Evocative Vocabulary

One of our greatest writers is the poet, Edgar Allen Poe, who could use words to conjure up pictures in our mind, so that we might never forget them. His most famous poem was “The Raven,” that begins “Once upon a midnight dreary . . .”

His words were so powerful that one of our most dynamic NFL teams took his title for their name, The Baltimore Ravens. Poe lived for some time in Baltimore and is now buried there.

Whether we speak or write, we are judged by our vocabulary. Words should be chosen to excite the mind. Words can decrease stress and bring a new focus to the reader or listener, along with a feeling of well being. Words have sounds and like music they are processed by the brain when heard or read. Original word sounds were used in chanting in various countries. Chanting can cause emotion and suggest ideas to the one chanting or the one listening.

In written English, there are 5 vowels and 21 consonants. But in spoken English, there are 21 vowels sounds and 24 consonants. The goal of vocabulary is to have a profound effect in a short period of time. However, if we talk or sing too much, it is unhealthy, because we alter our breathing pattern and less oxygen goes to the brain and heart. 

Because of time-constraints, one the most important parts of speech or writing is the verb. Verbs can have an active voice to indicate powerful acts of the subject. Action verbs in the business world include:

verify      perform      fulfill         send hire       succeed     leave      receive  accept     improve     develop     
pay

Linking verbs include forms of the words, “To be” seem, become, appear, prove, look, remain, feel, taste, smell, sound, resemble, turn, and grow.

Some intransitive verbs are complete: won (we won), dropped (prices dropped).

Others are intransitive and need complements like lie (past tense is lay), sit, rise.

Transitive verbs need a receiver: lay (past tense is laid), set, raise  The voices of verbs: Active, to describe direct action or Passive to express or take attention away from self.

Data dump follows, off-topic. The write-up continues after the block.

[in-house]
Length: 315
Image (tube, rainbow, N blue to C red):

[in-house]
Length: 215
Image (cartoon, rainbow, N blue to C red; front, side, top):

The moods of verbs:

Indicative Mood: make statements or ask questions 

Imperative mood: to command or make a request

Subjunctive mood: express doubt, wish, suggestion, or condition contrary to facts, or request.

The American poet Poe expressed word usage in his “Philosophy of Composition.” One of these was the sound of words with the long vowel “O”.

These words are described as acoustic, because one has to open the mouth for resonance. “O” was first used by the Egyptians to symbolize the eyes or mouth. It is the 15th letter of the English alphabet and the 4th most used letter.  Another form of “O” is defined by the letter r, as in the long vowel sound in words like door, more, and explore.

Poe knows negative words are powerful like short vowel sounds in sorrow, terror, and borrow. Shakespeare wrote about many tragedies in life brought about by words that are, “Poison in the Ear.” This happens when some one tells a lie about you which can lead to defamation of character, or cause you to act irrationally, like his hero Othello, did.

Words for electrifying the mind in our business world include profound, tantamount, paramount, surmount, confound.  Others strong words are impeccable, succinct, lovely, expeditious, immensely. Notice that the adverbs

next to some words are also powerful.  It is important to stay positive in all our communications.

Reference: 

Courtland, L.Bovee and John Thill. Business Communication, 9th Edit, New Jersey, Pearson Prentice Hall. 2008 (Business Course at Florida International University, Miami Florida 2007).

 

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